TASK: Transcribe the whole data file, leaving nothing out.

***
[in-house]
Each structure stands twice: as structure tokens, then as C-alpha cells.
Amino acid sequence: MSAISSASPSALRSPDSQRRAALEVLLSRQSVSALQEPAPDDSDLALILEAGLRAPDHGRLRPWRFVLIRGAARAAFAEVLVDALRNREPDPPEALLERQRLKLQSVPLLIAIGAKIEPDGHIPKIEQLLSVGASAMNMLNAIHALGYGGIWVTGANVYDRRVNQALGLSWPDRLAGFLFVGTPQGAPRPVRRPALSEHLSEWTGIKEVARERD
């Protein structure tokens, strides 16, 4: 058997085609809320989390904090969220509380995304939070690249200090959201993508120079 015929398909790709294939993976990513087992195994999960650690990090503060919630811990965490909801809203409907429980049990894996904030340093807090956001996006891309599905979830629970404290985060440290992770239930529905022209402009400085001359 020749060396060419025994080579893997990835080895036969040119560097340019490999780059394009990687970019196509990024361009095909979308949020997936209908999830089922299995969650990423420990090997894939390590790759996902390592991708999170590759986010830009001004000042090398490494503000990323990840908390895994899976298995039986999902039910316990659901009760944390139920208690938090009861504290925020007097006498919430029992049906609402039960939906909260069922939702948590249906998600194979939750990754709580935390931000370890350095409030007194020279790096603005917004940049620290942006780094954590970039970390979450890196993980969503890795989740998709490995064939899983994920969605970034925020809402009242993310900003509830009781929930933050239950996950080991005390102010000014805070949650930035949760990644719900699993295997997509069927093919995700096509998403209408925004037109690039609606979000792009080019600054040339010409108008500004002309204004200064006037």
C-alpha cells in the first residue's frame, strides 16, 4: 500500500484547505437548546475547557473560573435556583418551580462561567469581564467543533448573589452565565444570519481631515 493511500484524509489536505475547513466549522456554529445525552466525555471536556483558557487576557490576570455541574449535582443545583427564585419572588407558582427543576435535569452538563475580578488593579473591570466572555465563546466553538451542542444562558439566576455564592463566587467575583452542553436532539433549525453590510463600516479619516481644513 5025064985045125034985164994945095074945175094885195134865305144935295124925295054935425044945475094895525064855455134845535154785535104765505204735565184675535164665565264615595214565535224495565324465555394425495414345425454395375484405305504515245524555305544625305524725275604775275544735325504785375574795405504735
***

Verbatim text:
[in-house]
Each structure stands twice: as structure tokens, then as C-alpha cells.
Amino acid sequence: MSAISSASPSALRSPDSQRRAALEVLLSRQSVSALQEPAPDDSDLALILEAGLRAPDHGRLRPWRFVLIRGAARAAFAEVLVDALRNREPDPPEALLERQRLKLQSVPLLIAIGAKIEPDGHIPKIEQLLSVGASAMNMLNAIHALGYGGIWVTGANVYDRRVNQALGLSWPDRLAGFLFVGTPQGAPRPVRRPALSEHLSEWTGIKEVARERD
């Protein structure tokens, strides 16, 4: 058997085609809320989390904090969220509380995304939070690249200090959201993508120079 015929398909790709294939993976990513087992195994999960650690990090503060919630811990965490909801809203409907429980049990894996904030340093807090956001996006891309599905979830629970404290985060440290992770239930529905022209402009400085001359 020749060396060419025994080579893997990835080895036969040119560097340019490999780059394009990687970019196509990024361009095909979308949020997936209908999830089922299995969650990423420990090997894939390590790759996902390592991708999170590759986010830009001004000042090398490494503000990323990840908390895994899976298995039986999902039910316990659901009760944390139920208690938090009861504290925020007097006498919430029992049906609402039960939906909260069922939702948590249906998600194979939750990754709580935390931000370890350095409030007194020279790096603005917004940049620290942006780094954590970039970390979450890196993980969503890795989740998709490995064939899983994920969605970034925020809402009242993310900003509830009781929930933050239950996950080991005390102010000014805070949650930035949760990644719900699993295997997509069927093919995700096509998403209408925004037109690039609606979000792009080019600054040339010409108008500004002309204004200064006037």
C-alpha cells in the first residue's frame, strides 16, 4: 500500500484547505437548546475547557473560573435556583418551580462561567469581564467543533448573589452565565444570519481631515 493511500484524509489536505475547513466549522456554529445525552466525555471536556483558557487576557490576570455541574449535582443545583427564585419572588407558582427543576435535569452538563475580578488593579473591570466572555465563546466553538451542542444562558439566576455564592463566587467575583452542553436532539433549525453590510463600516479619516481644513 5025064985045125034985164994945095074945175094885195134865305144935295124925295054935425044945475094895525064855455134845535154785535104765505204735565184675535164665565264615595214565535224495565324465555394425495414345425454395375484405305504515245524555305544625305524725275604775275544735325504785375574795405504735